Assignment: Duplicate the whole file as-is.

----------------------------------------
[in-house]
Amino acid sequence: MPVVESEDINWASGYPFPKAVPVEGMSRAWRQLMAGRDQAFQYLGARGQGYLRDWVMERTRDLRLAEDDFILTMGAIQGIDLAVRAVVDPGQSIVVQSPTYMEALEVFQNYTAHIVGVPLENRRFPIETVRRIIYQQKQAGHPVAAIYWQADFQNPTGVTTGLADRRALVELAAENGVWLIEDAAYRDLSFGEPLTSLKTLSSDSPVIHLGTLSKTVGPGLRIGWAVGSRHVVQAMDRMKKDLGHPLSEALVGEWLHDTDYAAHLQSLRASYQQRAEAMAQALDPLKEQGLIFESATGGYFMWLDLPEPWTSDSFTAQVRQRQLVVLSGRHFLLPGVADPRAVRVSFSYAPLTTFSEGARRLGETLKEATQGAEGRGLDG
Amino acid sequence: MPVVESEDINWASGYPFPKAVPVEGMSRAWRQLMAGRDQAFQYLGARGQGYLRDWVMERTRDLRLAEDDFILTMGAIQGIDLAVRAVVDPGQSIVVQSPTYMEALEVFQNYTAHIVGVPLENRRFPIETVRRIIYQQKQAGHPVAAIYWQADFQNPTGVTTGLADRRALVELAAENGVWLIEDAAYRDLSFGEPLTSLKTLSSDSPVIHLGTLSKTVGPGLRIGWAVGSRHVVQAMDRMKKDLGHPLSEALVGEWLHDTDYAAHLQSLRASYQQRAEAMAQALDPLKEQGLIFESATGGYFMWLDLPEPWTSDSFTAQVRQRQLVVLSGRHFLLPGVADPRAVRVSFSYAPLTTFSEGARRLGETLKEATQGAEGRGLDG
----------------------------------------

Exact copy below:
[in-house]
Amino acid sequence: MPVVESEDINWASGYPFPKAVPVEGMSRAWRQLMAGRDQAFQYLGARGQGYLRDWVMERTRDLRLAEDDFILTMGAIQGIDLAVRAVVDPGQSIVVQSPTYMEALEVFQNYTAHIVGVPLENRRFPIETVRRIIYQQKQAGHPVAAIYWQADFQNPTGVTTGLADRRALVELAAENGVWLIEDAAYRDLSFGEPLTSLKTLSSDSPVIHLGTLSKTVGPGLRIGWAVGSRHVVQAMDRMKKDLGHPLSEALVGEWLHDTDYAAHLQSLRASYQQRAEAMAQALDPLKEQGLIFESATGGYFMWLDLPEPWTSDSFTAQVRQRQLVVLSGRHFLLPGVADPRAVRVSFSYAPLTTFSEGARRLGETLKEATQGAEGRGLDG
Amino acid sequence: MPVVESEDINWASGYPFPKAVPVEGMSRAWRQLMAGRDQAFQYLGARGQGYLRDWVMERTRDLRLAEDDFILTMGAIQGIDLAVRAVVDPGQSIVVQSPTYMEALEVFQNYTAHIVGVPLENRRFPIETVRRIIYQQKQAGHPVAAIYWQADFQNPTGVTTGLADRRALVELAAENGVWLIEDAAYRDLSFGEPLTSLKTLSSDSPVIHLGTLSKTVGPGLRIGWAVGSRHVVQAMDRMKKDLGHPLSEALVGEWLHDTDYAAHLQSLRASYQQRAEAMAQALDPLKEQGLIFESATGGYFMWLDLPEPWTSDSFTAQVRQRQLVVLSGRHFLLPGVADPRAVRVSFSYAPLTTFSEGARRLGETLKEATQGAEGRGLDG